How often do you dry practice?

How often do you dry practice?

  • Everyday

    Votes: 8 15.4%
  • Three Times a Week

    Votes: 14 26.9%
  • Once a Week

    Votes: 18 34.6%
  • Twice a Month

    Votes: 4 7.7%
  • Once a Month

    Votes: 1 1.9%
  • Never

    Votes: 7 13.5%

  • Total voters


Staff member
I try to dry practice at least three times a week for about 15-20 mins. at a time. I don't really have a set routine but I go through different things each time like drawing from concealment, trigger control, malfunctions, etc. Mostly what I've learned at Front Sight. Next time I take a course there I get to pick up their dry practice manuals I earned in an upgrade which I'm looking forward to getting.

Being retired, I try to put in at least a 10 minute dry practice session every day. I have a basement wall designate the "safe wall" in my house. No ammunition or loaded guns of any kind are allowed in there so I don't shoot the wall :)

If I could I would practice at least every week but I average 2 times a month.

DUH! "Dry practice"! :eek: (I gotta learn to read!) Weekly!
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I really need to get to the range and fire my Glock 23. I haven't shot it since I got it back from Glock when they performed upgrades on it.
I really need to get to the range and fire my Glock 23. I haven't shot it since I got it back from Glock when they performed upgrades on it.

I hope to get to go to the Glock factory myself in a couple of weeks. I want to get some night sights installed on my G26.
I practice with my G27. I bought some A-Zoom snap caps and I do everything from "move and shoot" (with variations) as well as failure drills and reloads. I don't practice as much as I used to, but I can go out to my base's firing range and live fire when I like. Just did some today...felt good.. :)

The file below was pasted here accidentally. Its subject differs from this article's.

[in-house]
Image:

I never dry fire practice. I usually fire at least 20 rounds every couple days. Sometimes a little more. Since I'm able to shoot at any time I want I use live rounds to work on fundamentals.
Not nearly as much as I'd like to. I try to get in 15-20 minutes at least once or twice a week, but with a 2 1/2 year old and a 6 month old at home, those 15-20 minute blocks of free time are a bit scarce. :(
Every couple of days will dry fire or shoot bb or 22 while moving in yard. I shoot in my yard with a good back stop but don't want to over do it. I like bb pistol from moving lawn tractor. You never no.
I get to the range every weekend and run 300-500 rounds of pistol and/or rifle. Need to get some snap caps to check on the involuntary flinching though and practice the presentation and fire.
I'm a big believer in dry firing, particularly on a new gun. It's a good way to work on trigger control and front site concentration.
Mindest and How often you Practice and Carry

I have all ready posted this on in the Concealed Carry Guns - How Often Do You Practice With Your Carry Weapon thread, but I also thought it fit here as well.

To me carrying a gun is a Mindset issue, it means you have taken a big step to not allow yourself, and loved ones, to be a helpless victim. You and your family are worth protecting ALL the time, not just sometimes. Make the decision to carry your gun wherever you can and as much as you can, then stick to it. Don't just carry it, but train with it. Live ammo training isn't the only form of practice or training.